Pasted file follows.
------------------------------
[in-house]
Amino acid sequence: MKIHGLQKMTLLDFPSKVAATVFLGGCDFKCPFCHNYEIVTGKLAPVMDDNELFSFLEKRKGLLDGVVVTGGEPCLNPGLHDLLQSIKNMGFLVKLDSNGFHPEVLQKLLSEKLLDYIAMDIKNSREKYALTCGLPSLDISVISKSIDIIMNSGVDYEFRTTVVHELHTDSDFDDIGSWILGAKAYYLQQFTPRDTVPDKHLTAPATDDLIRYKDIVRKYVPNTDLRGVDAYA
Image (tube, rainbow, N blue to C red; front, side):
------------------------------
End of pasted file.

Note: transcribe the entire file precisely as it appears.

[in-house]
Amino acid sequence: MKIHGLQKMTLLDFPSKVAATVFLGGCDFKCPFCHNYEIVTGKLAPVMDDNELFSFLEKRKGLLDGVVVTGGEPCLNPGLHDLLQSIKNMGFLVKLDSNGFHPEVLQKLLSEKLLDYIAMDIKNSREKYALTCGLPSLDISVISKSIDIIMNSGVDYEFRTTVVHELHTDSDFDDIGSWILGAKAYYLQQFTPRDTVPDKHLTAPATDDLIRYKDIVRKYVPNTDLRGVDAYA
Image (tube, rainbow, N blue to C red; front, side):